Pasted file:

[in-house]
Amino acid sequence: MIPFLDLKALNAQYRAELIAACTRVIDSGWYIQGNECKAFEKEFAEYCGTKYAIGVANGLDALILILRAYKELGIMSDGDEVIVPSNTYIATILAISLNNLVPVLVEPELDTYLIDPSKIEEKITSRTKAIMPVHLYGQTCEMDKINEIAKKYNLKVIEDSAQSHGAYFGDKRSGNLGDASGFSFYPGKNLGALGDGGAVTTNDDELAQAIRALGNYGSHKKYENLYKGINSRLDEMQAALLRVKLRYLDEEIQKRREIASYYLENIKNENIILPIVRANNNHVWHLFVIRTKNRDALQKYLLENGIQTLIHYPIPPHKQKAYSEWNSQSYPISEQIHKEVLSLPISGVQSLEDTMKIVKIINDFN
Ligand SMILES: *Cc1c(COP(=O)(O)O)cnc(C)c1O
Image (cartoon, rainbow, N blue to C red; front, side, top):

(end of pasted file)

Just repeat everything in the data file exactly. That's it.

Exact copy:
[in-house]
Amino acid sequence: MIPFLDLKALNAQYRAELIAACTRVIDSGWYIQGNECKAFEKEFAEYCGTKYAIGVANGLDALILILRAYKELGIMSDGDEVIVPSNTYIATILAISLNNLVPVLVEPELDTYLIDPSKIEEKITSRTKAIMPVHLYGQTCEMDKINEIAKKYNLKVIEDSAQSHGAYFGDKRSGNLGDASGFSFYPGKNLGALGDGGAVTTNDDELAQAIRALGNYGSHKKYENLYKGINSRLDEMQAALLRVKLRYLDEEIQKRREIASYYLENIKNENIILPIVRANNNHVWHLFVIRTKNRDALQKYLLENGIQTLIHYPIPPHKQKAYSEWNSQSYPISEQIHKEVLSLPISGVQSLEDTMKIVKIINDFN
Ligand SMILES: *Cc1c(COP(=O)(O)O)cnc(C)c1O
Image (cartoon, rainbow, N blue to C red; front, side, top):